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Lexus has an ad on Instagram, and people are freaking out about it.
An ad for the carmaker, which was posted Friday, has gotten more than 1,000 comments—most of them pretty hateful.
Here's just a handful.
"Why am I seeing this if I don't follow you?"
"Lexus you officially suck!!!"
"Get rid of these!"
"Gross. F***k you @lexususa"
From the comments section, you'd think Lexus advertising on Instagram is a complete fail.
(Read more: Who's viewing your Instagram, and profiting from it? )
But the number of "likes" on the same image tells a different story. It got more than 28,000 in just a few hours, which is impressive considering that many of its other posted images on Instagram have only a few thousand "likes" or fewer.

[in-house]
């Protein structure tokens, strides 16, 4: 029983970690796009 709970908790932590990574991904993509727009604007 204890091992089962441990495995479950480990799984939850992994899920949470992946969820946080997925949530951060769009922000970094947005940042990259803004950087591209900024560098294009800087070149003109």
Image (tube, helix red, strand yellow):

So what's going on? Are the ads working?
When it comes to increasing "likes," the simple answer is yes. The answer is also yes in terms of engagement, but that's more complicated because a lot of negative feedback is being posted.
The analytics company Nitogram released data on responses to that ad, and the results were positive. According to Nitogram, the ad's engagement was successful, increasing followers and total reach.
At the Gigaom Roadmap conference earlier this month, Instagram CEO Kevin Systrom said that more than 5 percent of the ads featured on the platform have garnered "likes."
The Michael Kors ad, posted about three weeks ago, got 229,000-plus "likes" and more than 1,700 comments. There was significant backlash in the comments section about the ad's showing up in the feed of users who aren't brand followers, however.
Bottom line: More "likes" is good for brands. And engagement appears to be up, but as with the Lexus ad, that isn't always positive.
—By CNBC's Cadie Thompson. Follow her on Twitter .